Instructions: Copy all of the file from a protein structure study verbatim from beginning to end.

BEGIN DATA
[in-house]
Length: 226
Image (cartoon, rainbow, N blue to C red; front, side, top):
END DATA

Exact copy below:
[in-house]
Length: 226
Image (cartoon, rainbow, N blue to C red; front, side, top):